The volt meter isn't gonna do anything to the pack but measure its voltage. The volt meter and your eyes are gonna become the delta-peak detection of your charger so you don't overcharge anymore batteries. Remember, when you do this, you will need to watch the screen on the Vmeter untill the volts drop, when they drop .02-.03 volts cutoff the charger.
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Old 01-21-2003, 07:24 PM   #9
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Thanks for the advise guys.
Do you think the batteries that I fried will be any good for anything other than the bin?? I put them in the car and they seem to work OK.
Unfortunately I will have to stick with this charger cause i don't have the money to buy another. I only just bought it not long ago.

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Old 01-21-2003, 07:54 PM   #10
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If those batteries leaked then I wouldn't use them even though they seem to work. Reason I say this is because they might seem fine now but down the road something terrible might happen to them due to their incorrect cell struture when charging or discharging them.
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Old 01-21-2003, 08:21 PM   #11
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Unhappy fried batteries.....umm good

Steevo;

Your charger sounds similar to the INTEGY 16-2.X like I have.

Output volts should be the same as pack voltage. You should be able to read down to 2 decimal places (.00) If not then a DVM is better.
What makes you think that the charger is NOT a peak detection type?

If you discharge, then immediately recharge without allowing for a cool down period, your packs WILL overheat. Your packs should be allowed to cool to the surrounding ambient air temperature before charging.

Has anyone else heard of 2400 Nickle Metal Hydride Batteries? I always thought that 3000 was the start of NiMh.
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Old 01-21-2003, 08:46 PM   #12
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Hello Pops,
The charger will read to .00 of a volt so it should be OK.
I assume that it is not a peak detection charger because it seems to charge some of my packs well over their rated mAh before beeping to tell me to switch it off.
OK I have just read the Instructions and it does say "Peak detector Autocut circuit with MOSFET" If this is the case then why does it continue to charge the cells well above their rated mAh..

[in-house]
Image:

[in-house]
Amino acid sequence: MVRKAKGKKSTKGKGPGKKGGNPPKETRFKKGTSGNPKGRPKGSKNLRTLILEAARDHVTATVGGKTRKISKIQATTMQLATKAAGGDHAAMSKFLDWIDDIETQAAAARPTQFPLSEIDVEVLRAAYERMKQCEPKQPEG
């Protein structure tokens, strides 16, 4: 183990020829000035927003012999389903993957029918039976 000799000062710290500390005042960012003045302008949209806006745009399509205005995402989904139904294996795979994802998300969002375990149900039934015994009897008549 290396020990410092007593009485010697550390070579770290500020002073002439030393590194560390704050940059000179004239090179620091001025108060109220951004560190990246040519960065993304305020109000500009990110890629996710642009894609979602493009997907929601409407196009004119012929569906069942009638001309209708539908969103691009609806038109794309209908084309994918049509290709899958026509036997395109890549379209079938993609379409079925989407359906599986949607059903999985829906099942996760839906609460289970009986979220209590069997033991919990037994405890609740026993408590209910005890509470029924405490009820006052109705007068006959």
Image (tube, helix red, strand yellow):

My batteries are high voltage NiMH Sub C size rated at 2400mAh.
It is written on the side of the battery. But the charger will charge them to at least 2600mAh if left unattended.
I do notice that my 3000mAh Packs only charge to about 3050mAh before the unit beeps to tell me to stop charging.
I am a little confused as to what is going on???

Steevo

Last edited by Steevo; 01-21-2003 at 08:49 PM.
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Old 01-21-2003, 08:48 PM   #13
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I just thought maybe I am charging at too high an Amperage?? I charge all the packs at about 5 Amps. It is variable from .5 Amps to 5.5 Amps

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Old 01-21-2003, 09:25 PM   #14
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Default charging at too high an Amperage??

Steevo;

I charge my 2400 NiCd packs at 6.5 amps with no Ill effects.
I may have the problem figured out. Most 2400 packs are usually NiCd and NOT NiMh. Is it possible the charger may be automaticly setting the threshold to NiCd settings and over charging your packs?

Do you have a link that I can go look at the packs and charger that you have. Maybe I can figure something out with a little more information.
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Old 01-21-2003, 09:30 PM   #15
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Hi Steevo,
Don't know if this will help but.....Try charging by temperature. Yes,I said temperature. I use Pro-Match batteries and if you check out there website www.promatchracing.com Jeff Roe suggests charging both Sanyo and Panasonic 3000 by temp. Now, I know you said you have 2400mah NMH. For me thats a bit odd.....maybe down under you have them but in the U.S. the standard NMH is 3000mah. Anything lower falls in the NiCad range.
Pro-Match sells the digital thermometer for around 20u.s. Maybe it will work for you